However, even worse, there is no absolute prohibition in that cabinet directive on the use of torture-implicated information. Instead, the prohibition says that information from torture can be used in some circumstances, and then it sets a very low threshold for when we can actually use information derived from fundamental rights violations. Not only is this morally repugnant, most likely unconstitutional, but it also gives us information that is notoriously unreliable. People who are being tortured will say precisely what they think the torturer wants them to say to stop the torture.

Finally, Bill C-59 would not do one of the things it could have done, and that is create a review agency for the CBSA. The CBSA remains without an independent review and complaints mechanism. It is one of our only law enforcement or security agencies that has no direct review agency. Yes, the new national security intelligence review agency will have some responsibility over the CBSA, but only in terms of national security questions, not in terms of its basic day-to-day operations.

We have seen quite often that the activities carried out by border agencies have a major impact on fundamental rights of people. We can look at the United States right now and see what its border agency is doing in the separation of parents and children. Therefore, it is a concern that there is no place in Canada, if we have a complaint about what CBSA has done, to file that complaint except in a court of law, which requires information, resources, and all kinds of other things that are unlikely to be available to those people who need to make those complaints.

The Liberals will tell us that there are some areas where they have already acted outside of Bill C-59, and we have just heard the member for Winnipeg North talk about Bill C-22, which established the national security review committee of parliamentarians.

The New Democrats feel that this is a worthwhile first step toward fixing some of the long-standing weaknesses in our national security arrangements, but it is still only a review agency, still only an agency making recommendations. It is not an oversight agency that makes decisions in real time about what can be done and make binding orders about what changes have to be made.

The government rejected New Democrat amendments on the bill, amendments which would have allowed the committee to be more independent from the government. It would have allowed it to be more transparent in its public reporting and would have given it better integration with existing review bodies.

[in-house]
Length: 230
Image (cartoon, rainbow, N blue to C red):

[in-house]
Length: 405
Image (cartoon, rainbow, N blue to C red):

The other area the Liberals claim they have already acted on is the no-fly list. It was interesting that the minister today in his speech, opening the third reading debate, claimed that the government was on its way to fixing the no-fly list, not that it had actually fixed the no-fly list. Canada still lacks an effective redress system for travellers unintentionally flagged on the no-fly list. I have quite often heard members on the government side say that no one is denied boarding as a result of this. I could give them the names of people who have been denied boarding. It has disrupted their business activities. It has disrupted things like family reunions. All too often we end up with kids on the no-fly list. Their names happen to be Muslim-sounding or Arabic-sounding or whatever presumptions people make and they names happen to be somewhat like someone else already on the list.

The group of no-fly list kids' parents have been demanding that we get some effective measures in place right away to stop the constant harassment they face for no reason at all. The fact that we still have not fixed this problem raises real questions about charter right guarantees of equality, which are supposed to be protected by law in our country.

Not only does Bill C-59 fail to correct the problems in Bill C-51, it goes on to create two new threats to fundamental rights and freedoms of Canadians, once again, without any evidence that these measures will make it safer.

Bill C-59 proposes to immediately expand the Communications Security Establishment Canada's mandate beyond just information gathering, and it creates an opportunity for CSE to collect information on Canadians which would normally be prohibited.